Dr. Martin Luther King Jr. gave an early version of his “I Have a Dream” speech in Detroit in 1963 and last week, a group of residents gathered to celebrate the civil rights giant and evaluate the current state of economics and equity in the city.
“Unlike many other minority groups, there’s a history of anti-Black racism that has affected us and continues to affect us in many ways,” said Lucius Vassar, corporate counsel and executive vice president of equitable engagement with Cinnaire, a Detroit-based community development finance group. “If we’re going to move the needle, we have to be intentional and very focused about how we address it.”
Vassar was among the Detroiters taking part in a Jan. 12 panel discussion at Wayne State University to offer insight on advancing equity in the city. The event was held as part of the university’s annual Martin Luther King Jr. tribute and the first held in person since 2020.
While many in America were taught mainly of King’s iconic speech and nonviolent protest methods, King spent the later years of his life raising up labor rights and the economic factors that kept Black and white communities on unequal footing.
The panel – with leaders of financial institutions, consulting and development firms – spent the evening affirming the need for companies and municipalities to be deliberate when it comes to efforts to address diversity. The group urged leaders working in different economic sectors to adopt benchmarks to measure the advancement of Black people.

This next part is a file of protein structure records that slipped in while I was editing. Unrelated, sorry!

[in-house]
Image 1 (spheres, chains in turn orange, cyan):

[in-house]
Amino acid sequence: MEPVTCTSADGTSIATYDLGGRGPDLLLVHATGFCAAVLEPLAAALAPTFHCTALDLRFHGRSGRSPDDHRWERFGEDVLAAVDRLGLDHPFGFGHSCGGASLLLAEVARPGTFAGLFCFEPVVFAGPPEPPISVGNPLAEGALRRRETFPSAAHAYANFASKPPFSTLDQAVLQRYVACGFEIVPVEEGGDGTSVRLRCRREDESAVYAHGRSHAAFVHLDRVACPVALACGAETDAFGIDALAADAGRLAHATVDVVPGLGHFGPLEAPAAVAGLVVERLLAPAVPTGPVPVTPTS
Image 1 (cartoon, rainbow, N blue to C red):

For Cinnaire’s part, Vassar said the company is preparing to launch a new fund, Ubuntu, based around the virtue of “I am because we are,” to provide equity and lower barriers that Black developers face when trying to access the Low-Income Housing Tax Credit program. He also noted a Cinnaire initiative to help single-family renters become homeowners and how the company has aided a cohort of five Black women developers – licensed builders and the only tier-one engineering firm working with the state’s transportation department – in securing capital and with networking.
The event comes as Detroit’s City Council works to establish a reparations task force and amid discussions over reparations for the descendants of Black Detroiters who were displaced by the construction of the I-375 highway. The one-mile stretch of freeway destroyed the historic Black Bottom and Paradise Valley neighborhoods and, with it, hundreds of Black-owned businesses. A state project to replace the highway with a six-lane “urban boulevard” has sparked conversations about who should get property in that area and how past wrongs can be made right.
Parallel to the conversation of equitable development, Black Detroiters are finally able to open recreational marijuana dispensaries in the city, an issue that became contentious as some city leaders argued legacy Detroiters were owed preferential treatment due to the long lasting impacts of criminalization and incarceration because of the war on drugs.
This year will mark the 60th anniversary of Dr. King’s March on Washington for Jobs and Freedom where he delivered his seminal ‘I Have a Dream’ speech. The anniversary was the impetus for the WSU event’s theme of economics. Earlier in King’s famous speech, he made a case against incrementalism that he argued was an impediment toward reaching the goal of equality and economic equity, highlighting that America had issued the Black community a bad check that had been returned because of insufficient funds.